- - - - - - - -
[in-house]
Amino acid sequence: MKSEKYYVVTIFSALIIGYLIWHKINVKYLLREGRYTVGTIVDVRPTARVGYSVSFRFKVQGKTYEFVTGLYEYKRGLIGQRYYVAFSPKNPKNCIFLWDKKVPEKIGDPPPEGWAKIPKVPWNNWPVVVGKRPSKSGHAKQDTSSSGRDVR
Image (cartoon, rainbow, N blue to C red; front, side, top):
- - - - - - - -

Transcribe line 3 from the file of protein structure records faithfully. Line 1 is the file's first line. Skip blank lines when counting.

Image (cartoon, rainbow, N blue to C red; front, side, top):